The Defendant was convicted by a jury on November 14, 2003 on three counts. Count Four charged the Defendant with attempted robbery in violation of the Hobbs Act. Count Six charged the Defendant with use of a firearm in furtherance of Page 3 that attempted robbery. Count Seven charged the defendant with possession of a firearm while being a convicted felon. All of these counts related to the attempted robbery that was to occur in an apartment on Undercliff Avenue in the Bronx on January 1, 2003; the Defendant was found not guilty on all other counts. The Defendant moved under Rule 29(c) to set aside the verdict as to Counts Four, Six and Seven.

 II. Discussion

 A. The Legal Standard under Rule 29(c)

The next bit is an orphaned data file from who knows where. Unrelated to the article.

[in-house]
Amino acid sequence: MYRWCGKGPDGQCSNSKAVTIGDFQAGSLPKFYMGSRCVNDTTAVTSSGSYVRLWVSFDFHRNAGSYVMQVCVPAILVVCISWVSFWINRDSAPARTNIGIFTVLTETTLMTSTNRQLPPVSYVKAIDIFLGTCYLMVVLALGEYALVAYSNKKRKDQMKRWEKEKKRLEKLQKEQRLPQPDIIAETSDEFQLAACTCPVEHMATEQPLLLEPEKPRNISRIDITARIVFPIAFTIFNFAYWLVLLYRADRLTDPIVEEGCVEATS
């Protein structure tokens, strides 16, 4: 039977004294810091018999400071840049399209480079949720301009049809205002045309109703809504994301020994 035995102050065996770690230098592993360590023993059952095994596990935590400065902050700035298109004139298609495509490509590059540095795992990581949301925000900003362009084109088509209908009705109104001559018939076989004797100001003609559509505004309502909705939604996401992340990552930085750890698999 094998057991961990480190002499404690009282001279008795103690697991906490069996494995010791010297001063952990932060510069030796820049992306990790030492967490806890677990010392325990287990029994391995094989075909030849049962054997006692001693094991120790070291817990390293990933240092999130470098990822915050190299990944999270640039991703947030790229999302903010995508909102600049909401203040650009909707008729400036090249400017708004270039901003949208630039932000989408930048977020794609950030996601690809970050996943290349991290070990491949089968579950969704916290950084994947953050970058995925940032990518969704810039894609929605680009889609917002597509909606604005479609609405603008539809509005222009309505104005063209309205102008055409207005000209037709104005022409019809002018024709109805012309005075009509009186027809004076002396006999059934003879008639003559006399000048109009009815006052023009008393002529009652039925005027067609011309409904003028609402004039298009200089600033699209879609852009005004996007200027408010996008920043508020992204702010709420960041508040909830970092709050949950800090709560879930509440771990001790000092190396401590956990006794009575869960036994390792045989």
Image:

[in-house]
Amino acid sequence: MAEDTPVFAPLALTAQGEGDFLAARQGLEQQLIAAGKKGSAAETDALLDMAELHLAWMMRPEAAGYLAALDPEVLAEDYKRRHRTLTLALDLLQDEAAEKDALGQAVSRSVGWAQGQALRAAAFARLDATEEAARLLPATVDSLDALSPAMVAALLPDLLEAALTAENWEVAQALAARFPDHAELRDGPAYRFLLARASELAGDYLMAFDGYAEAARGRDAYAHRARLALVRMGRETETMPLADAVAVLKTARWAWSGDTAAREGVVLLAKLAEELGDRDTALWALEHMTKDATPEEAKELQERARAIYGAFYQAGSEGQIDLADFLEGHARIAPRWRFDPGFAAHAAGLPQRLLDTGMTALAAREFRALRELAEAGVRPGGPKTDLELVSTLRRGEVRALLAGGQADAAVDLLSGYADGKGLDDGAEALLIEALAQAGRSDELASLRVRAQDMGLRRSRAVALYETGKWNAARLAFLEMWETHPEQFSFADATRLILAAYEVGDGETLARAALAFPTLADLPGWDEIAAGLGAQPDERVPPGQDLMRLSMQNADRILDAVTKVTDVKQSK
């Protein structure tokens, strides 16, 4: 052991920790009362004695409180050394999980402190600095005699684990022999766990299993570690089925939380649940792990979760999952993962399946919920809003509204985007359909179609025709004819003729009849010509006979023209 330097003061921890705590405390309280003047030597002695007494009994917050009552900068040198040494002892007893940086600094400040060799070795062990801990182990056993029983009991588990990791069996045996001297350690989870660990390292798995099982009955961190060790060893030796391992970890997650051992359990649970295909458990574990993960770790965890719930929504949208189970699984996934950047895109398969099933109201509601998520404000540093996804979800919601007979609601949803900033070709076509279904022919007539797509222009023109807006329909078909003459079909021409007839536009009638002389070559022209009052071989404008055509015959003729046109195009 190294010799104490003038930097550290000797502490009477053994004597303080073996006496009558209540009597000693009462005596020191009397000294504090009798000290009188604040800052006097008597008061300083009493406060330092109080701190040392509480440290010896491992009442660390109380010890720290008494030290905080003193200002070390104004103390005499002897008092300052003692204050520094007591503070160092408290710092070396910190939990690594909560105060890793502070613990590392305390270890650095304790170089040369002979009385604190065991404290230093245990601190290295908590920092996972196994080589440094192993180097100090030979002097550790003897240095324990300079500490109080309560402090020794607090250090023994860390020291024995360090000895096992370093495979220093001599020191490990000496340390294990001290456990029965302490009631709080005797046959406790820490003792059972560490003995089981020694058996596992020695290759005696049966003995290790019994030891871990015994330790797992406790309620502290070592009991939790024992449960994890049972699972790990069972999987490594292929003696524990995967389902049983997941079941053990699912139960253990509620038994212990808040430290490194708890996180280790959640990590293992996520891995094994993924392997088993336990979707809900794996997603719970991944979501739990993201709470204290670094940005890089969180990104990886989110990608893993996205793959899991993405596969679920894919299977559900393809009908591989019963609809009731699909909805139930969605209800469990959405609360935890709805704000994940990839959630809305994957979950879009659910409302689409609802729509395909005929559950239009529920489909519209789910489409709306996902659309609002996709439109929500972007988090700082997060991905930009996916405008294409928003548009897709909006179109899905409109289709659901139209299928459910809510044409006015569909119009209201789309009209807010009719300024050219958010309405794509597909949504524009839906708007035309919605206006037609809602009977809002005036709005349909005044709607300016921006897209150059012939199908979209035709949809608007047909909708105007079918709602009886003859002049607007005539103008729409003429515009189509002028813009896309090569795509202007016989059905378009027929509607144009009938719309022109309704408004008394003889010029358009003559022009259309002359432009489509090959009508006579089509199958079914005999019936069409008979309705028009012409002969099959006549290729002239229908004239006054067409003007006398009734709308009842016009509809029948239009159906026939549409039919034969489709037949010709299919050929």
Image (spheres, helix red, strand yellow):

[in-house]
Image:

"A defendant challenging the sufficiency of the evidence to support his conviction carries a heavy burden." United States v. Oguns, 921 F.2d 442, 449 (2d Cir. 1990). "It is axiomatic on motion for acquittal that all reasonable inferences are to be resolved in favor of the prosecution and the trial court is required to view the evidence in the light most favorable to the Government with respect to each element of the offense." United States v. Artuso, 618 F.2d 192, 195 (2d Cir. 1980) (citing United States v. Skinner, 425 F.2d 552, 554 (D.C. Cir. 1970)); see also United States v. Moore, 208 F.3d 411, 413 (2d Cir. 2000). Furthermore, in "review of [Rule 29(c)] claims, `pieces of evidence must be viewed not in isolation but in conjunction.'" U.S. v. Benitez, 920 F.2d 1080, 1088-89 (2d Cir. 1990) (quoting United States v. Geaney, 417 F.2d 1116, 1121 (2d Page 4 Cir. 1969)). In matters of factual determinations, the Court must defer to the jury's verdict. "These strict rules are necessary to avoid judicial usurpation of the jury function. The court should not substitute its own determination of the credibility of witnesses, the weight of the evidence and the reasonable inferences to be drawn for that of the jury." Mariani, 725 F.2d at 865.